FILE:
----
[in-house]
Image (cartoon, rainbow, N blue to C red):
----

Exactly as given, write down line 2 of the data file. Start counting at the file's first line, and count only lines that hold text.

Image (cartoon, rainbow, N blue to C red):